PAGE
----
African forest elephants are the largest land mammals on earth, are highly intelligent and have close family ties. But until a few years ago, few specifics were known about elephant social structures, reproduction rates and the effects of poaching across Africa. Now, new research by a professor at Colorado State University, in junction with his colleague abroad, has shed light upon the intimate lives of one of the planet’s largest creatures.
George Wittemyer, an associate professor in Fish, Wildlife and Conservation Biology and Wildlife Conservation Society scientist Andrea Turkelo collaborated on a paper that found that forest elephants need a century to recover from poaching due to slow reproduction rates.
According to the “Save the Elephants” press release after researching forest elephants from 1990 to 2013, Turkelo learned that elephants have long reproductive cycles and close matriarchal communities. As a result, this population has significantly decreased in recent years due to the increased poaching of young and old female elephants.
“There has been a lot of killing and reduction in populations,” Wittemyer said. “It is going to be difficult for populations to recover, and it is going to take a long time.”
According to the press release, elephants only give birth once every five to six years, and it can take over twenty years before an elephant begins to reproduce. Therefore, when poachers kill elephants for their ivory tusks and teeth, this creates an enormous hole in the elephant community. Because of their slow reproduction rates, it can take decades to reestablish elephant populations.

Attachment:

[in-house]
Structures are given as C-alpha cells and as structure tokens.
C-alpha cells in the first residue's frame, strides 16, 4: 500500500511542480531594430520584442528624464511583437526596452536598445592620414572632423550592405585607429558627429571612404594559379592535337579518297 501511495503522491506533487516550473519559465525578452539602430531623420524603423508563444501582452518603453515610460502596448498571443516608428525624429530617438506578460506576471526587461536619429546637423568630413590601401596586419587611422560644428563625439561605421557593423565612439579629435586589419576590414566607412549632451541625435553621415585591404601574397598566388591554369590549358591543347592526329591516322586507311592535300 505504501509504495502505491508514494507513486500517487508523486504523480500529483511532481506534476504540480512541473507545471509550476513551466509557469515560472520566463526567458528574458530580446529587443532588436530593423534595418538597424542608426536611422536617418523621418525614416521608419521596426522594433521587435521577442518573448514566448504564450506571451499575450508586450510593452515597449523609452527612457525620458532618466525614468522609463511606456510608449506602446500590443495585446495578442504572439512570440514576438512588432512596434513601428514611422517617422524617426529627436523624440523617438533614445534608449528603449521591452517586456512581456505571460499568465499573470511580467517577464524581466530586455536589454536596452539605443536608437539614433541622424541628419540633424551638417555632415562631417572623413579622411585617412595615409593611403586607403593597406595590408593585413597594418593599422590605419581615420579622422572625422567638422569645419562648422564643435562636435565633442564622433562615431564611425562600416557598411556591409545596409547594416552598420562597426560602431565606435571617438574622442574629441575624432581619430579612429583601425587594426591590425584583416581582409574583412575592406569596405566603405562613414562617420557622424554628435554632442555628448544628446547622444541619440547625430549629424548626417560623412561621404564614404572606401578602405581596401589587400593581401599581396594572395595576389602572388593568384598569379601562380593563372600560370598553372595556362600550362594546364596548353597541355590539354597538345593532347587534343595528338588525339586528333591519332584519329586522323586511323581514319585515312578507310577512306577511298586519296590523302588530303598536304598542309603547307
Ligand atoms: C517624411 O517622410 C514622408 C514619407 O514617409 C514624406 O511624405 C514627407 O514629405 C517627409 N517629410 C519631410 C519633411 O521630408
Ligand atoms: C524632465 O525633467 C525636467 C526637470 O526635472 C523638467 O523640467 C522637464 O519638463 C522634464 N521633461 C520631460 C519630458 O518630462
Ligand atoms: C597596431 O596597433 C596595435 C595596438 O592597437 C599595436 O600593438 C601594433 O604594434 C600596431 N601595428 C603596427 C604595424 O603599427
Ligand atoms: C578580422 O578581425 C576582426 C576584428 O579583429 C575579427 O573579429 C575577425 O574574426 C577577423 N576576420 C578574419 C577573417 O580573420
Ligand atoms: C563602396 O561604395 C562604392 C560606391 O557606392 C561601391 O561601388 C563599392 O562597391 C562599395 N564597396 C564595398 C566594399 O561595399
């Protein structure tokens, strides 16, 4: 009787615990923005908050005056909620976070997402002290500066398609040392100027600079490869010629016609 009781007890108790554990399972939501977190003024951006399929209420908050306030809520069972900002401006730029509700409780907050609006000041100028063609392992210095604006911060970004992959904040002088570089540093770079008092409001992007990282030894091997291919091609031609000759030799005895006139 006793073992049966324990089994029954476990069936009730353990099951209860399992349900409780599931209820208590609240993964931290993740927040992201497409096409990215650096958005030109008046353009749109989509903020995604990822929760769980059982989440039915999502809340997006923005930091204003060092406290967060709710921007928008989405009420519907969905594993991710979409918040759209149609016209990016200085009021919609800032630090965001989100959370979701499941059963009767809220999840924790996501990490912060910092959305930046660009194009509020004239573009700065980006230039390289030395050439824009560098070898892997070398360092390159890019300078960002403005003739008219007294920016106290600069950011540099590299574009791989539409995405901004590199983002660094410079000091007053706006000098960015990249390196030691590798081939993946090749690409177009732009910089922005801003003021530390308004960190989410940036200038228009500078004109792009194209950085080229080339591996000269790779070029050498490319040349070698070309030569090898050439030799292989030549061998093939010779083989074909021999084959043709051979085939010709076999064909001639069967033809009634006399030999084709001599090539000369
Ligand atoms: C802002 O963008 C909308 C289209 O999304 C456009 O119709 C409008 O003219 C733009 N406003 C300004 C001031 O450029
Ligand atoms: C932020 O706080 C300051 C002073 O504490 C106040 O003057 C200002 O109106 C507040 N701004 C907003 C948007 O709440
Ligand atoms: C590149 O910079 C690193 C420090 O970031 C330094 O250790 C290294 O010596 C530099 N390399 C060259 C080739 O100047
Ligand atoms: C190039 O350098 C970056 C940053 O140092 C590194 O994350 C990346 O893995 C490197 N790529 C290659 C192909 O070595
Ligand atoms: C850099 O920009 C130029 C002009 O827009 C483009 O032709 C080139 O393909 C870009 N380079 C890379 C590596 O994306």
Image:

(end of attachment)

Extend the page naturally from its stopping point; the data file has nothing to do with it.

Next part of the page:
“You have an animal that is as large as an elephant, and it can’t hide. It is something we need to be concerned with,” Dr. Kenneth Wilson said, Professor and Department Head for the Department of Fish, Wildlife and Conservation Biology at CSU.
Wittemyer said the increase in elephant poaching has been on the rise as a result of globalization. As markets have expanded in recent years, the demand for ivory has had a significant, detrimental effect on the forest elephant population.
“Wildlife products can be risky,” Wittemyer said. “They get out of control and can eradicate species.”
However, the data that Turkelo has collected over the past twenty-three years about elephant reproduction and poaching has also played a significant role in shaping conversations about policy decisions concerning elephants.
According to Wittemyer, before much data was known about the species, early policy conversations concerning forest elephant poaching asked the question, “How much killing can they (the elephants) sustain without being eradicated?”
Now that the data is in, Wittemyer said this newfound information can create a strong foundation for debates about poaching. Lobbyists can use this data to influence policymakers to write legislation that will focus on conservation efforts to help sustain elephant populations.
For members of the public that are concerned about this issue, Wittemyer states that it is important to pay attention to individual consumptive patterns, educate the public about the effects of poaching, and support field conservation efforts.
“Human consumption is key,” Wittemyer stated. “Be an educated consumer.”
Wilson believes that people need to take action to actively protect elephants.
“We as humans have to take the information and use it,” Wilson said. “… As a researcher … all we can do is tell the story.”